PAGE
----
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ARQ (Santiago)

versión On-line ISSN 0717-6996

ARQ (Santiago)  no.100 Santiago dic. 2018

http://dx.doi.org/10.4067/S0717-69962018000300054 

Works & projects

Structural notions

Cristián Izquierdo1 

1 Profesor, Escuela de Arquitectura, Pontificia Universidad Católica de Chile, Santiago, Chile. c.izquierdo@izquierdolehmann.com

Abstract

Structure is what allows something to endure. That is probably why the word is equally useful for buildings or ideas: in the former, structure is what allows them to stand upright while in the latter is that which allows organizing the arguments. However, there are examples - such as those on this selection - where both notions go hand in hand: when an idea on structure is materialized in a physical construction.

Keywords: ideas; civility; geography; strategy; composition

ARQ’s index makes evident the place where the magazine is produced: a country of recent buildings and fragile material culture, whose main asset has been geography. We can understand ARQ as a civilizing effort, a magazine where the city - the place of civility - has been thought of as an architectural desire in its purest form, an idea of civilization underlying any commission. Its index is full of attempts to describe a primitive hut, an artificial structure suitable for civilized life. Instead of devising architecture’s primeval moment, the following selection seeks to show architectural structures that involve ideas on the city.

In architecture, the word ‘structure’ is understood in several ways. At the Hut in Chiloé (ARQ 39) is both a system to transfer the building’s weight to the ground and a reference framework for understanding reality; is both a mental order linking the different parts of the project and a device to compare the objects that populate a particular inner world. The structure, in this case, allows consolidating an autonomous interior universe as a bubble detached from its exterior, although visible through it.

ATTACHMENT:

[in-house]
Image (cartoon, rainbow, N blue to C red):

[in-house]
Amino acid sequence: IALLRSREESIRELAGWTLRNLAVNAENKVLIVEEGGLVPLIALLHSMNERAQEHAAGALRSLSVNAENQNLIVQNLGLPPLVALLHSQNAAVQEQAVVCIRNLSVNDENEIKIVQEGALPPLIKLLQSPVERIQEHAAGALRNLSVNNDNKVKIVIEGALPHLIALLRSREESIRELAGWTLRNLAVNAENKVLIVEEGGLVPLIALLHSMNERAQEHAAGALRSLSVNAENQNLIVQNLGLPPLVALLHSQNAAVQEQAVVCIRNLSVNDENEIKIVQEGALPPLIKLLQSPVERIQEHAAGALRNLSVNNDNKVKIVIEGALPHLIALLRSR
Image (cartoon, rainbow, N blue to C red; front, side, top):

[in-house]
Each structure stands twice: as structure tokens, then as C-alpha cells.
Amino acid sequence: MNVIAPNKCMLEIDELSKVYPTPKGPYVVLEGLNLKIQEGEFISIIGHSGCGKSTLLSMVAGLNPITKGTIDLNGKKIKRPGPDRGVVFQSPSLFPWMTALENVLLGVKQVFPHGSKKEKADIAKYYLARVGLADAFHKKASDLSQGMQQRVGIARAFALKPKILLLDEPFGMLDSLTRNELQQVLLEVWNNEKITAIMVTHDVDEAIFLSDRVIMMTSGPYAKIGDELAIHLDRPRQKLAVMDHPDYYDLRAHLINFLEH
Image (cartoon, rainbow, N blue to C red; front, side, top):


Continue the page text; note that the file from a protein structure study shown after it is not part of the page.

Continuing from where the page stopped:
At the Matta Viel Complex (ARQ 42), on the other hand, multiple intimacies coexist. What these intimacies have in common is solved by the general layout. Their differences are arbitrated by the details. A comb-shaped parti promotes the advantages of collective life, opening to a park while consolidating the edges of the rest of the block. Then, a series of thresholds - between blind and window, between apartment and corridor, between the blocks and the street, between one step and another - give the units privacy, emphasizing the individuality of each element wherever is required.

The city is structured in the confluence of external and internal, public and private forces. The administration of the house (formerly called oikonomia) and the debate on public affairs (politics) are acts of governance, but they also occur in a place. The section of the building Cruz del Sur (ARQ 73) shows this dichotomy. The size reduction in its lower level improves the ratio of the civil registry’s accesses courtyard, while the increased area for the upper levels provides more square meters right where they are valued the most. The delimitation of public and private space is beneficial for both. Now, seeing the building from a distance behind an elevated avenue stresses the value of the upper floors rather than the square below it.

If Cruz del Sur is a private building with a public use, ECLAC headquarters (ARQ 24) is a public building with a restricted use. Its layout around a central courtyard generates a particular relationship with the surrounding land. A large central void assembles an array of finished and different pieces into a single institution. Grouping the various programs inside a centralized structure means delimiting a nucleus separated from the outside. By suspending the ring surrounding the courtyard, ECLAC manages to frame the sky while opening the ground level to multiple accesses. The subversion of traditional typologies - such as the ziggurat, the block or the patio - allows resolving the relationship between parts and the city without compromising the composition’s integrity.

If ECLAC deploys the compositional crossroads faced by an institution with a centralized plan in a free society, the East Center (ARQ 40) identifies the multiple variables and programs encompassed in a center. Commerce, streets, parking lots, parks, and public institutions are organized considering not only the city’s pre-existing layouts but also the geographical dimension of the mountain range.